Oh the irony that a group called Americans for Tax Reform appears to have violated tax law! Suffice to say this group’s tax-exempt status should be immediately reconsidered. And Grover Norquist should go the way of Al Capone.
From the CREW (Citizens for Responsibility and Ethics in Washington) Website:Washington, D.C. — Today, Citizens for Responsibility and Ethics in Washington (CREW) filed a complaint with the Internal Revenue Service (IRS) and the Tax Division of the Department of Justice (DOJ) against Americans for Tax Reform (ATR) and its president, Grover Norquist.http://www.citizensforethics.org/…
CREW’s complaint alleges ATR and Mr. Norquist violated federal law by deliberately providing false information to the IRS when ATR filed its 2012 Tax Form 990. ATR misreported to the IRS the amount it spent producing and broadcasting advertisements opposing the election of Democratic candidates for Congress. In its reports to the Federal Election Commission (FEC), ATR reported spending $15,794,582 on political ads, but told the IRS it spent only $9,791,515 on its 2012 campaign activity, a disparity of $6,003,067.
ATR spent a total of almost $30.9 million in 2012, meaning more than half of the spending it reported to the FEC for the year was on politics, a clear violation of its tax-exempt status.
CREW Executive Director Melanie Sloan stated, “ATR’s own IRS and FEC filings provide incontrovertible evidence that ATR is breaking the law. If Al Capone could be nailed for tax violations, so can Grover Norquist.”
A few months ago, the non-partisan Citizens for Responsibility and Ethics in Washington named Gov. Tom Corbett (R-PA) among the “Worst Governors in America” claiming he “turned Pennsylvania’s state government into a favor mill for campaign supporters.” This week, the Philadelphia Inquirer reported Corbett has appointed one such supporter — Tea Party operative Ana Puig to be legislative liaison for his Pennsylvania Department of Revenue.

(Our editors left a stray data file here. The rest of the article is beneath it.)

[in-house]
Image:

Puig first rose to political prominence after President Obama’s inauguration as an activist in the Tea Party movement. Speaking at numerous rallies, she became co-chair of and registered lobbyist for a local group called the Kitchen Table Patriots. At a 2009 rally, she argued that Obama was a Communist, in the mold of Fidel Castro and Hugo Chavez. Citing her own experience, as a native of Brazil, she warned of the “direct correlation between what’s happening in the United States and what has happened in Brazil and Latin America — the implementation of 21st Century Marxism. In other words, a camouflaged statement for Communism.” She went on to claim that “21st Century Marxism” would be implemented after “a liberal or progressive candidate [like Obama] is introduced to the masses as the messiah that is going to fix all problems imposed to them by evil capitalists.”
According to Keystone Politics, she defended Nazi memorabilia enthusiast in her organization as “a historian” and “an extremely smart person,” featured a blog promoting birther conspiracy theories and identifying the president as a member of the Muslim Brotherhood on her group’s website, and promoted events warning of the creeping threat of Sharia law in the United States. She was later named Pennsylvania Field Coordinator for FreedomWorks, the right-wing astroturfing group then-run nationally by former U.S. House Majority Leader Dick Armey (R-TX).